CALLING GAME…Tips for Helping a Child Learn to Call People by Name

calling

Tips for Helping a Child Learn to Use Names

A mom recently asked me for suggestions for teaching her child to use other people’s names. Many times, children with autism or social communication delays have difficulty learning to do this. Sometimes late talkers struggle to call anyone by name. Here are ideas that have worked well for me:

Play calling games!

  1. The Mama Game

To help a child begin to use a person’s name, set up a game that I call “The Mama Game.” Since I’m usually working with mothers and their children during therapy sessions, and since it’s the one word moms want to hear most, “mama” is the name we target first. Actually, you can use this game to teach a child to say anyone’s name!

The most success I’ve had with this game is when we’ve placed the child in a confined area. I’ve used a crib or play pack, behind a baby gate, or in a room with a closed door and me. Mom hides outside the room, behind the door, or bends down below the crib so that the child can’t see her. Then I model calling, “Mama. Mama. Maaaaaaamaaaaaaaaa” several times using an exaggerated, playful, and animated tone of voice. I can’t stress how FUN and ‘over the top’ you need to be when you’re playing this game.

After calling for mom in this way several times, Mama excitedly jumps out from her hiding place with a big smile and shouts, ”Mama! Here’s Mama! Mama!”

Then we all laugh and smile and hug and tickle. We want it to be very clear that this is a fun game that we all want to play again.

And then, we play it again. And again. And again, until I think he’s ready to begin to try to imitate “Mama” when I model this word. If he even hints that he’s trying to say this word on his own, I ask Mom to pop up with the biggest reaction she can muster so that he links his action (saying the word) with her return.

Coach mom or anyone else you’re playing with to increase their affect if they’re not being as excited as they should be. Sometimes this one change in how mom reacts is what entices a child to begin to try to say “Mama.” When a mom can’t seem to respond as happily as she should, I go in to “goofy” mode to help everyone loosen up and let go. Making a fool of myself seems to encourage most parents to try a little harder : )

Expand the Game

Older siblings are GREAT at playing this game with mom and younger brothers and sisters. The act of having someone else “call” you and label you as “mama” sometimes helps a child solidify this concept. If you have no other children, then have Dad, grandma, your sitter or even a neighbor come in to help you teach your child this fun game. Don’t try to do it alone. Having another person call you “mama” is what makes this game work. Watch a video with more recommendations.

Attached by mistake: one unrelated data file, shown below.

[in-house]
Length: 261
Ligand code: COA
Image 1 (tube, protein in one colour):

1. Simon Says – The Toddler Version

To teach a child to correctly identify people using their name, include at least 3 people in this game so that a child can get it “right” or “wrong.”

This game works particularly well for children who seem to be “stuck” on one person’s name. For example, if a child calls both mom and dad “Da,” we work on this game to highlight the difference between the two and the consequences of using an incorrect label.

In this more advanced game, say a person’s name and then give a simple direction such as “Mommy… pat your head” or “Daddy… jump up and down.” Have the adults model the game for a while before it’s the child’s turn to direct the game.

At first you may have to cue the child with what to say, especially if he doesn’t seem to know how to take his turn. An adult should “whisper coach” the child. By this I mean, get behind him, bend down, and whisper in his hear exactly what to say. “Say…. Daddy… clap your hands.”

If a child isn’t this verbal yet, modify the game by saying something like, “Let’s all jump. Let’s take turns! Whose turn is it? Mommy…jump!” After mom jumps, then ask the next person such as, “Daddy…jump!” To simplify the game, especially in the beginning, use the same action word for several turns and change only the person’s name.

When a child isn’t verbal enough to add the second word, but she can say some approximation of “mom” or “dad,” then I cue her to use that single word and I supply the command.

For a while, pause after saying the person’s name for emphasis. Eventually, you’ll shorten your pause to sound more natural as in “Mommy, look at me!” Shaping the target response in this way will help the child begin to sound more conversational.

Again, everyone playing should exude playfulness so that a child becomes super interested in the game.

Expand the Game

To help ensure that a child generalizes using a variety of names, add other people to the game whenever possible. This ensures that the child will begin to generalize the skill. Older children can be fantastic play partners for this game.

Over time, be sure to embed “calling” in more casual conversation so that it does become spontaneous. Parents of children who struggle to use names may need more specific recommendations so that they can provide the level of practice a child needs. During sessions, I spend time with parents brainstorming situations when they can work on this at home.

Do you have any fun calling games? If so, I’d love to hear them!! Leave a comment below or email me at Laura@teachmetotalk.com.

———————————————————————————————————-